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I've learnt from somewhere a long time ago that specifying width and height for <img> elements in an HTML document speeds up and improves the page loading experience, and have generally kept to this practice:

<img src="" width="100" height="100" />

I'm now faced with a situation where I have a very large number of images on a single page, and I'd prefer to set the dimensions via CSS for both easier control and less repetitive HTML code:

.whatever img {width: 100px; height: 100px;}

Although this isn't a hugely serious issue, I'm wondering whether declaring the dimensions in CSS will have the same benefits as declaring the dimensions in HTML, or whether it ought to just be done in HTML directly?

Any insight would be welcome.


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flagged as a dupe of this (I prefer this question's phrasing though) –  iono Jan 25 '13 at 3:04

1 Answer 1

up vote 11 down vote accepted

I guess if the style sheet is available immediately, the image dimensions will immediately apply to the layout, which is the whole point of the exercise.

That guess is supported by Google's pagespeed rules. They seem to be fine with specifying images that way (emphasis mine):

Specifying a width and height for all images allows for faster rendering by eliminating the need for unnecessary reflows and repaints.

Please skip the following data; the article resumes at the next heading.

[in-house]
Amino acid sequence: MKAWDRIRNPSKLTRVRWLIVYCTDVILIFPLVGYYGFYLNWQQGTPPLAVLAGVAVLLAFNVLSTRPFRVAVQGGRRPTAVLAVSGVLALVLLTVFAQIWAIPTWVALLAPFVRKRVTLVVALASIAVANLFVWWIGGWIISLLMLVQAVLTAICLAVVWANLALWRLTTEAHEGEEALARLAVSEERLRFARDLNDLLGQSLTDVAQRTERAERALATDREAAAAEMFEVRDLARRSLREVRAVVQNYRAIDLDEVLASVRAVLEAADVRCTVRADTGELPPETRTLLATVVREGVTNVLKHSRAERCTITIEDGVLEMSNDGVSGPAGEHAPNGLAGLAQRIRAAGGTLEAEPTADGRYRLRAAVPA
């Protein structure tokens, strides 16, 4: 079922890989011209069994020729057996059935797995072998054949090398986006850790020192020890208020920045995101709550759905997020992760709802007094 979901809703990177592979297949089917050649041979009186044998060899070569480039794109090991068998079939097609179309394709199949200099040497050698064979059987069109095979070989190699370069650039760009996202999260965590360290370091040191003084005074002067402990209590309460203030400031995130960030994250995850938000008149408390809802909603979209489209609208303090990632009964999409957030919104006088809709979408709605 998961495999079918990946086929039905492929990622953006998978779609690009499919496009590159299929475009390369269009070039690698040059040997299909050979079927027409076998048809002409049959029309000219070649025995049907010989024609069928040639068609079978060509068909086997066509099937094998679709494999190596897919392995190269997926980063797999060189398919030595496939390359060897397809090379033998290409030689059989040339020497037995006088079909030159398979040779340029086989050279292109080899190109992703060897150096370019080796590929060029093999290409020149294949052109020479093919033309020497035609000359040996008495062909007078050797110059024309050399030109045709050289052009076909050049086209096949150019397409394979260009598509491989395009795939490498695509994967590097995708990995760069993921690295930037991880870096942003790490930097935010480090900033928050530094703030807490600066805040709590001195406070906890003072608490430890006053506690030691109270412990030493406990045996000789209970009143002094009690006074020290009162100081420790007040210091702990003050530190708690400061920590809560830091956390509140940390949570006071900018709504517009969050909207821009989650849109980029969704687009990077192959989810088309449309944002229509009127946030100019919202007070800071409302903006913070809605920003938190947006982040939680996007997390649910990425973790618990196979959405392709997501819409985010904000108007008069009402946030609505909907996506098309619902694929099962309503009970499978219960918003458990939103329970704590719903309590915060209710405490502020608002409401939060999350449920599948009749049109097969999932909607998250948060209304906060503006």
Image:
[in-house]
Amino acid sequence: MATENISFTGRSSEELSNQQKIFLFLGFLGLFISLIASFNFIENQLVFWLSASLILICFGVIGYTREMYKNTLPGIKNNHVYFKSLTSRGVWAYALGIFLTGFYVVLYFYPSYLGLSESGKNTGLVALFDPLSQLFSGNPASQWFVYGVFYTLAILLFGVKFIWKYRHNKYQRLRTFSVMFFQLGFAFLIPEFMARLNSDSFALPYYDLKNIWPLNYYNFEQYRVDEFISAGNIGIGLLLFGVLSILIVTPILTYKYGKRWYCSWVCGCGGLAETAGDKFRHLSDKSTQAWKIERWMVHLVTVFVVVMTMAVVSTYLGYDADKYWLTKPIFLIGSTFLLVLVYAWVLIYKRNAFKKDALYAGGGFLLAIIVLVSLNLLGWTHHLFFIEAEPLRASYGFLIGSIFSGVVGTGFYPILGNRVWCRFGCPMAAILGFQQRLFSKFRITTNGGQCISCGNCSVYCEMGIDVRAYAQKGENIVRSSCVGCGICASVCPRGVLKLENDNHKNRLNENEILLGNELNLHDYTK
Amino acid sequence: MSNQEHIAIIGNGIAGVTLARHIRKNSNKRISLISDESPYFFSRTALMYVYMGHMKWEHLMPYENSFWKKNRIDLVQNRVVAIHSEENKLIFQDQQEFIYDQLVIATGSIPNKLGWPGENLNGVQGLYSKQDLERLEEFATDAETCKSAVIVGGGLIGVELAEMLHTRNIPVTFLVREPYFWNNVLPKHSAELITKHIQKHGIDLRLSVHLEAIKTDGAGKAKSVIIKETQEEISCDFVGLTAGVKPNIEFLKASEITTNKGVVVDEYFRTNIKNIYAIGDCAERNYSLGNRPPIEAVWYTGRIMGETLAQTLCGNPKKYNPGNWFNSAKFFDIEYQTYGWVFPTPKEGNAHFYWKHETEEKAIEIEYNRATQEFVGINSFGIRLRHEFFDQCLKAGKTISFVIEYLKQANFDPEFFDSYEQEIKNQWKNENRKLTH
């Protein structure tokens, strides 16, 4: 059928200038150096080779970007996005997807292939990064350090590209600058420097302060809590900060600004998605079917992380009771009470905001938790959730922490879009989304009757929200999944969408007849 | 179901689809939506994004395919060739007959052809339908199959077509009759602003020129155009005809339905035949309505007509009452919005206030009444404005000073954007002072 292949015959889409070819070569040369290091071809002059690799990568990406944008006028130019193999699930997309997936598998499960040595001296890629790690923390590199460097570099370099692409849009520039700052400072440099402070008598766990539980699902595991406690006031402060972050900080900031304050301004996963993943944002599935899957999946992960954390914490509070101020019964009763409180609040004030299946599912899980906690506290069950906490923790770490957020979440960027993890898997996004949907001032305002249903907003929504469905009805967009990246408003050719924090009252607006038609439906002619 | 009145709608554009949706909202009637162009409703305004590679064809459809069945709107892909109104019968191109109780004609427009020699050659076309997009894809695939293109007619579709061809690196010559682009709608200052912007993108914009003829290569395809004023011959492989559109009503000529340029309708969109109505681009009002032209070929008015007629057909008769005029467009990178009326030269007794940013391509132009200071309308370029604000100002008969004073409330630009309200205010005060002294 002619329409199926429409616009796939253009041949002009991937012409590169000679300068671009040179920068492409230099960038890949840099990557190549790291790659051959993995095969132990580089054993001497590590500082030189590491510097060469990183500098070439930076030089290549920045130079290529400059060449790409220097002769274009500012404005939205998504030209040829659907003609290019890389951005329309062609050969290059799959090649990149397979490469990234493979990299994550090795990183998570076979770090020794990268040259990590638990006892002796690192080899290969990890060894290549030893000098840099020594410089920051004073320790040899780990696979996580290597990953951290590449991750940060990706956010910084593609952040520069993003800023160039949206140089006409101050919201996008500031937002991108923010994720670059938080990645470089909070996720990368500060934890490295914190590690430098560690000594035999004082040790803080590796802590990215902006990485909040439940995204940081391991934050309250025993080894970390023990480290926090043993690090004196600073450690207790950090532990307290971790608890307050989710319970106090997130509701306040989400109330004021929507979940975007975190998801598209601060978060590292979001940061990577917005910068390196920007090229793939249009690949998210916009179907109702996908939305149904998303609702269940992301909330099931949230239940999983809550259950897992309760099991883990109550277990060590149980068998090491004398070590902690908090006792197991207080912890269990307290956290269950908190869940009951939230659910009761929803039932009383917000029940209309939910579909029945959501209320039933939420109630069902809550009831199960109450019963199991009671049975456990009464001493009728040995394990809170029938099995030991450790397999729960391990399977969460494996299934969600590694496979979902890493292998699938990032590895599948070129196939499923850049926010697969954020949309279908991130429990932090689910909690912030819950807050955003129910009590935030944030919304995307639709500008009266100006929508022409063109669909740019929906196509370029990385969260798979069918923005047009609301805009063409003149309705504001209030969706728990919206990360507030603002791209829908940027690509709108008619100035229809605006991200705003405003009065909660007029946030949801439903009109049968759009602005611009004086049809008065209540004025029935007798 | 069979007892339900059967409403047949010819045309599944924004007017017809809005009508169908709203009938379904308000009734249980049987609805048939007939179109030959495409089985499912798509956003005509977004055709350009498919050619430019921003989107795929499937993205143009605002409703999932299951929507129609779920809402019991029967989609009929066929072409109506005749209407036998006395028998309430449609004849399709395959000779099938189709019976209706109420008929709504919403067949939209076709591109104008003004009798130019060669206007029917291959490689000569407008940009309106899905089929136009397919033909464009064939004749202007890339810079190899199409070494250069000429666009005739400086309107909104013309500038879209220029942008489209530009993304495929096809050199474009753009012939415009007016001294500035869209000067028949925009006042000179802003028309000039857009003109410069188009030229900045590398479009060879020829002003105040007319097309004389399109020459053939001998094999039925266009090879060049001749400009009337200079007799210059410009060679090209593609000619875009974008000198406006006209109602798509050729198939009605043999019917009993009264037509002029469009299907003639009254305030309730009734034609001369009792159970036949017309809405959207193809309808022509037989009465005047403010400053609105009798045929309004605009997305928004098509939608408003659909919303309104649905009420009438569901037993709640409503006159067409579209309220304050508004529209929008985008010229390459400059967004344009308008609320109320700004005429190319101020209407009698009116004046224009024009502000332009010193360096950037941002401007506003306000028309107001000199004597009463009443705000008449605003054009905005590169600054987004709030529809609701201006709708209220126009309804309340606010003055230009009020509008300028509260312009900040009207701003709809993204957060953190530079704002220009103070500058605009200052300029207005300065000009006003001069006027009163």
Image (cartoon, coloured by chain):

When the browser lays out the page, it needs to be able to flow around replaceable elements such as images. It can begin to render a page even before images are downloaded, provided that it knows the dimensions to wrap non-replaceable elements around. If no dimensions are specified in the containing document, or if the dimensions specified don't match those of the actual images, the browser will require a reflow and repaint once the images are downloaded. To prevent reflows, specify the width and height of all images, either in the HTML <img> tag, or in CSS.

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Works for me, thank you. –  Tom Nov 26 '10 at 19:22

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